Google is working on an open alternative to Apple’s AirPlay, and it’s hoping to bring a number of device and software vendors on board to provide the industry with an open technology to exchange data between second screens and TV-connected devices. YouTube unveiled the first implementation of this technology last week, when it launched AirPlay-like video beaming from Android phones and tablets to Google TV devices. But Google product manager Timbo Drayson made it clear during a conversation I had with him a few days ago that this is just the first step. “We really want to move the whole industry forward,” he said.
Google representatives have been talking about bringing an AirPlay-like experience to Google TV for some time, and the company has also worked for years on a closer connection between Android mobile phones and YouTube apps on a variety of smart TV platforms. YouTube first unveiled a YouTube Remote control app two years ago, and then integrated the same remote control functionality into its main YouTube app last year. Both apps allowed users to start the playback of YouTube videos from their phones. But the downside was that the devices first had to be paired by entering a nine-digit code.
It’s been a long time coming
Google took the next step with its ill-fated Nexus Q this summer. The Android-based media streamer, which was shelved before it even went on sale, could be auto-discovered by Android handsets within the same network. That sounds like a small feature, but it’s been key to the success of Apple’s AirPlay technology.
iPad and iPhone users have been able to beam content to their Apple TV without the need for any configuration for some time. It’s arguably one of the reasons why Apple TV sells so well: Apple sold 5.3 million units of the device in its fiscal year 2012, which makes it by far the best-selling video streaming box. One could also argue that AirPlay-like functionality is one of the key features that’s been missing from Android to successfully compete with the iPad.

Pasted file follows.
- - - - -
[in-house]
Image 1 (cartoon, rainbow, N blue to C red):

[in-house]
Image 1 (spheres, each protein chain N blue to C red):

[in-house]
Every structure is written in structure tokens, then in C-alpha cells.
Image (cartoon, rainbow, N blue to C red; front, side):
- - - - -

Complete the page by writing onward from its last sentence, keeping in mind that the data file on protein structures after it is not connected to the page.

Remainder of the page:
Google took a page from Apple’s playbook when it rolled out its own AirPlay-like remote control feature for YouTube on Google TV last week. The company has since launched a dedicated micro-site to promote the feature, showing how serious it is taking second screen control. But it is not stopping there. Drayson told me that Google is “actively working with other companies” to turn this into an open standard, which could be used on other platforms and for other apps as well.
Second-screen apps and laptop screen sharing
And it’s not just about remote control functionality and beaming a video from your mobile phone to the TV we are talking about. The new protocol makes it possible for data to flow in both directions, Drayson explained, which would enable developers to build second-screen experiences that correspond to what’s happening on live TV as well. Also on the roadmap: beaming content from your laptop to your TV screen.
Google isn’t the first one to work on an alternative to AirPlay. In fact, the widest-supported AirPlay alternative actually predates Apple’s protocol: The Digital Living Network Alliance launched in 2003 to bring content sharing to the living room. It’s DLNA protocol has been widely adopted by numerous players, with a total of 500 devices supporting DLNA today. However, the actual level of support varies widely, and many manufacturers have opted to roll out their own branded solutions on top of DLNA – but even those see little use from consumers.
That’s why a key goal of Google’s AirPlay antidote would be consumer education. The more companies participated in these efforts, the better, said Drayson.